It sometimes it feels like we’re all moving a mile a minute. Now, an Intel infographic showing a 60-second snapshot of the Web demonstrates that life in a connected world moves at a truly staggering pace.
In one minute on the Web, Intel wrote in a company blog post, we send 204 million e-mails, buy about $83,000 in goods on Amazon and send about 100,000 Tweets. Six new Wikipedia articles get published, Google fields 2 million search queries and Facebook gets 6 million views.
Multimedia also makes up a huge amount of the data that go back and forth every 60 seconds. For example, Intel estimates that, per minute, YouTube gets 1.3 million video views, Flickr users add 3,000 photos, and Pandora streams 61,141 hours of music.
All that, the company said, amounts to about 640,000 GB of data per minute. And with the number of devices that connect to the Internet — not just phones, computers and tablets but also health accessories, home appliances and vehicles — that number’s expected to grow quickly. Intel projects that the number of connected devices will double the world’s population by 2015.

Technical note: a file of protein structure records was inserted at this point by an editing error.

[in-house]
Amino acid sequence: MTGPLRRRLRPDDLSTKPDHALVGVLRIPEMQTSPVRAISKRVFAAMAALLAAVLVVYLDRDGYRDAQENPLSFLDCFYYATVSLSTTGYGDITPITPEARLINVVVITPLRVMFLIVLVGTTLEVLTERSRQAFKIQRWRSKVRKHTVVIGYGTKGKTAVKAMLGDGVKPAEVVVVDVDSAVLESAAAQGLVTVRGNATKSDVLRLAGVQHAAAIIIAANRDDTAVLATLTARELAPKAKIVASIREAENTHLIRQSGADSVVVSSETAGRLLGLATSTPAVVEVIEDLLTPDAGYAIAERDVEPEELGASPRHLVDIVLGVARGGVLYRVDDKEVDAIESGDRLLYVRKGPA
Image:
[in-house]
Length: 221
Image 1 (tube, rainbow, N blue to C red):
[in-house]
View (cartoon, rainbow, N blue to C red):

Video growth, particularly, is expected to blow up with about five years of video passing through the world’s networks every minute by 2015, the company said.
The tech firm published the infographic not only to give a quick glimpse of the world’s data activity, but also to raise questions about how Internet infrastructure can keep up with this pace of growth.
In a November study on U.S. Internet use, analysis firm Sandvine reported that usage jumped 120 percent between from the previous year. The company also predicted that streaming video would make up an increasing portion of Internet use — particularly for large, global events such as the World Cup.
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